|Publication number||US5442529 A|
|Application number||US 08/225,839|
|Publication date||Aug 15, 1995|
|Filing date||Apr 4, 1994|
|Priority date||Apr 4, 1994|
|Also published as||WO1995026859A2, WO1995026859A3|
|Publication number||08225839, 225839, US 5442529 A, US 5442529A, US-A-5442529, US5442529 A, US5442529A|
|Inventors||Richard P. Hoover|
|Original Assignee||Hoover; Richard P.|
|Export Citation||BiBTeX, EndNote, RefMan|
|Patent Citations (10), Referenced by (29), Classifications (12), Legal Events (3)|
|External Links: USPTO, USPTO Assignment, Espacenet|
The present invention relates to a combination device meant to be carried in a person's pocket that serves a multitude of useful applications. Specifically, the device is meant to include a knife, a flashlight, and a key chain all combined in a single unit.
Two known combination devices are described within U.S. Pat. Nos. 4,751,621 to Jenkins and 4,918,775 to Leu which involve the combination of a knife blade with a light. These devices are generally quite large and bulky, and are specifically meant for outdoor recreational type use, and not, everyday pocket type use.
Generally, the prior art fails to provide a pocket carried device that provides the useful functions of cutting objects, illuminating objects, and holding keys. Most people carry keys within their pocket, but do without a knife and/or light because it becomes burdensome to carry such additional articles. The problem with carrying two or more separate articles is that the separate articles can become lost, misplaced, or feel uncomfortable when one is carrying all of these articles in a pocket. The prior art contains separate key chains, separate lights, and separate folding knives that are of a size to fit in one's pocket; but, a single device that incorporates all of these elements in a compact and efficient package has not been heretofore contemplated.
It is an object of this invention to provide a device that yields the functions of cutting articles, illuminating articles, and holding keys.
Another object of the invention is to provide a device that is compact in form and comfortably fits within a person's pocket.
It is a further object of the invention to provide a combination device that is easy to use, inexpensive to manufacture, and simple and elegant in design.
Other objects of the invention will be apparent hereinafter from the specification and from the recital of the appended claims, particularly when read in conjunction with the accompanying drawings.
The present invention comprises a combination device that includes a pair of body portions for holding a knife blade that pivots between a closed position where it is substantially sandwiched between the body portions, and an extended position where it extends co-linear with the body portions in a locked state. A small light is incorporated into the end of the body portions for allowing the device to illuminate any surface. Two linked key rings are also attached to the end of the body portions to allow a person to attach their personal keys to the device. The device is of a compact form to easily fit into one's pocket and is not significantly more bulky than a conventional key ring with an ornamental or promotional body attached thereto. Yet, the device is much more useful than a conventional key ring and body because it provides an extendible knife blade for allowing one to cut an envelope, package, string, tape, paper, etc. And, also provides a light for illuminating surfaces in the dark such as maps, key locks, alarm controls, etc.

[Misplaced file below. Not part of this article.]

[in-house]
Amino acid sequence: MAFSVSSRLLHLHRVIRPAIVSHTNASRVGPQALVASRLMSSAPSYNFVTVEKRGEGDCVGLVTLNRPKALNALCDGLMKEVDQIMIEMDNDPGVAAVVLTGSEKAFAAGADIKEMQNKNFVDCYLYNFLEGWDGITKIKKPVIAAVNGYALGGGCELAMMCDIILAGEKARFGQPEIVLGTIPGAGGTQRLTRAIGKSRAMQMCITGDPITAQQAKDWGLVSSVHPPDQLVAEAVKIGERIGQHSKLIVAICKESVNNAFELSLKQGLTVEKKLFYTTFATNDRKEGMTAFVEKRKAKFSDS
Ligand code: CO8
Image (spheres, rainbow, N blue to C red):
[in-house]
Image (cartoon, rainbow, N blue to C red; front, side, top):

FIG. 1 shows a top plan view of the combination knife, light, and key holding device of the present invention.
FIG. 2 shows an edge view of the knife and light portions of the device of FIG. 1 with the knife blade in an extended and locked position.
FIG. 3 shows an edge view of the knife and light portions of the device of FIG. 1 with the knife blade in partially extended and unlocked position.
FIG. 4 shows a perspective view of the inside surface of the upper body portion of the device of FIG. 1.
FIG. 5 shows a partial cross sectional view of the end of the device revealing details of the light portion of the device.
FIG. 6 shows a top plan view of a foam cell for insertion into the upper body portion of the device depicted in FIGS. 4 and 5.
The entire light/knife/key holder device 1 of the present invention can be seen in FIGS. 1-3, while individual parts of the device can be seen in FIGS. 4-6. The device includes a first body portion 2 and a second body portion 4 that have a similar peripheral shape. A knife blade 6 is sandwiched between the two body portions in the closed position and pivots outwardly away from two body portions in an extended position. An external surface 8 of the first body portion includes a dimple 10, an arcuate notch 12, a pivot screw aperture 14, a button switch aperture 16, a body attachment aperture 18, and a key ring aperture 20. The key ring aperture is disposed within a recessed area 21 at one corner of the body portion. The body portion 2 is of a thicker dimension than body portion 4. A back divider 24 closes the cavity formed between the upper and lower body portions 2 and 4. The back divider is riveted to body portion 4 through liners 26 and 27. The back divider functions as a pivot stop and a blade guard for the knife blade 6.